We like to drink when socializing with friends and family. So why are sales of alcoholic beverages flattening out, and even starting to see declines?
One reason could be the fact that alcohol is both addictive and toxic – it is a Class I carcinogen – and health-conscious consumers are looking for better choices. Another reason could be the increase in prescription drug-users across North America, since there are hundreds of prescription drugs that are “contra-indicated” for use with alcohol.
For consumers, wouldn’t it be great if there was an option as a recreational social beverage for adults that provided all of the fun, but none of the fear? Better yet, what about beverages that provide all of the fun, none of the fear, and also yield equivalent aesthetic enjoyment to what consumers currently get from consuming their favorite beers and wines? What if this option also came with significantly fewer calories than alcoholic beverages?
Enter Hill Street Beverage Company. BEER brings all of the following to the Canadian marketplace:
- Award-winning beer and wine recipes
- Unparalleled expertise in producing and marketing premium alcohol-free beverages
- The license of an efficient technology from Lexaria Bioscience that enables cannabinoids to be infused into their award-winning beverages without impacting the taste or smell of the products
When it comes to cannabis-infused beverages, all of the companies operating in this space are pioneers. However, when it comes to alcohol-free beverages for recreational consumption by adults, Hill Street was a pioneer here a decade ago. It has a 10-year head start on positioning itself in this market and a 10-year head start in developing market penetration strategies that are unique to this niche.
That’s a very potent competitive advantage by itself, especially for a management team loaded with experience in beverage marketing; over a century of combined experience, to be exact.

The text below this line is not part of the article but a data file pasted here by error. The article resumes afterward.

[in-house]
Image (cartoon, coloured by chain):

But it’s a hollow advantage to be best at marketing if you don’t have something attractive to bring to market. Truly appreciating Hill Street’s strength as a competitor in the cannabis-infused beverage space, then, begins with its existing product lines of award-winning alcohol-free beers and wines. BEER tests the mettle of its products in the world’s leading competitions for beer and wine.
For beer, it’s the U.S. Open Beer Championship. The Company’s premier offering is its Craft Brewed Lager, the world’s first alcohol-free craft beer. Craft Brewed Lager won the Gold Medal in 2014, 2015, and 2017. It earned a Silver Medal in 2016 and a Bronze this year – consistent world-class quality. BEER’s more recent Designated Draft won a Silver Medal in 2017 and a Bronze Medal in 2016.
In wine, the San Francisco International Wine Competition dominates. Hill Street’s “Vintense” de-alcoholized wine is also an award-winner, with its Vintense Cabernet Sauvignon capturing a Double Gold Medal in 2017.
Hill Street has seven varietals of Vin(Zero) brand wines and also imports additional varietals under the Vintense and Vintense Origin brand names. With more than 20 brands, this is Canada’s largest selection of alcohol-free wines.
This is a consumer market that was already growing in leaps-and-bounds even before the words “cannabis infusion” entered the equation. As noted previously, sales of conventional alcohol beverages have already flattened out. Meanwhile, sales of alcohol-free adult beverages are soaring.